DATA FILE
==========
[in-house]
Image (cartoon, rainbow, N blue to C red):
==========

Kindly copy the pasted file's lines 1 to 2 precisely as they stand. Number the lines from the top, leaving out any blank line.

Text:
[in-house]
Image (cartoon, rainbow, N blue to C red):